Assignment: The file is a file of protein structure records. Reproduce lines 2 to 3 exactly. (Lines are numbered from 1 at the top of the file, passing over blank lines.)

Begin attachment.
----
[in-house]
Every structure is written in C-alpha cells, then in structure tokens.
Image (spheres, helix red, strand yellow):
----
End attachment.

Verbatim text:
Every structure is written in C-alpha cells, then in structure tokens.
Image (spheres, helix red, strand yellow):